A GOP congressman is pressing the head of the Drug Enforcement Administration (DEA) to expand on her recent remarks about the origin and timeline of President Joe Biden’s marijuana scheduling review directive.
In a letter sent to DEA Administrator Anne Milgram on Thursday, which was shared exclusively with Marijuana Moment, Rep. Matt Gaetz (R-FL) followed up on questions he asked the official in person at a House Judiciary subcommittee hearing last month.
Specifically, he’s asking for a copy of a letter that Milgram said the president sent to the attorney general and U.S. Department of Health and Human Services (HHS) secretary last year directing the review into the scheduling status of cannabis under the Controlled Substances Act (CSA).
At last month’s hearing, the administrator also told Gaetz that she would ask HHS about the timeline for the department’s review, which needs to be completed before DEA can weigh in—so the congressman is also requesting an update on that discussion in the new letter.
“While it is reassuring that President Biden has formally requested that the process of descheduling marijuana from the list of Schedule I drugs commence, it was concerning to hear you say that the Department of Health and Human Services (HHS) has not provided a timeline for sending you its descheduling recommendation based on its review,” the congressman wrote.
“I believe it is important for the administration to be transparent with Congress regarding where the process of descheduling marijuana stands,” he said, adding that he is asking that Milgram provide responses to the following by September 15:
- Provide a copy of the letter you referenced that President Biden sent to the Secretary of HHS and the Attorney General asking that the process of descheduling marijuana begin.
- Have you asked HHS for its timeline for getting you its recommendation on the descheduling of marijuana? If so, what was HHS’ response? In the case that you received a timeline, provide that timeline.
Gaetz wrote that DEA’s answers to the questions are needed in order for the House Judiciary Committee “to continue oversight of this matter.”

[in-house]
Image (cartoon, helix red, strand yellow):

As far as the alleged letter from Biden is concerned, an attorney filed a Freedom of Information Act (FOIA) request with HHS for a copy of the letter earlier this month—and the department said it had “no records” of such a document.
Marijuana Moment separately asked the Justice Department for clarification around the letter, but a spokesperson referred the question to the White House. The White House pointed to the president’s public statement about the directive but did not provide comment on the letter the DEA administrator referenced.
The question of the technical origins and processing of the scheduling review directive remain of significant interest within the cannabis space and broader public. Both DOJ and HHS appeared to have coordinated statements prepared on the day that Biden called for the review, and issued a mass pardon for people who’ve committed federal marijuana possession offenses. That would suggest that the agencies received some kind of advance notice before the president made the public declaration.
As far as the timing of the scheduling review is concerned, HHS Secretary Xavier Becerra did tell Marijuana Moment in June that agencies are aiming to complete their work by the end of the year.
The process starts with a scientific review into marijuana by HHS—and specifically the Food and Drug Administration (FDA) under HHS. Once that’s complete, the department will forward its findings and scheduling recommendation to DEA, which will then conduct its own eight-step review before making a final decision. The recommendation from HHS is not binding, as DEA has primary jurisdiction over the CSA and could theoretically dismiss the health agency’s position.
Meanwhile, the White House drug czar said in separate congressional testimony recently that the president’s marijuana pardons and scheduling directive last year are part of an effort to create cohesive cannabis policy within a patchwork of state legalization models.
Congressional Cannabis Caucus co-chair Rep. Earl Blumenauer (D-OR) led a letter to Becerra and Attorney General Merrick Garland in March, alongside 15 other bipartisan members of Congress, demanding transparency in the cannabis scheduling review.
Read the congressman’s letter to the DEA head regarding the marijuana scheduling review below: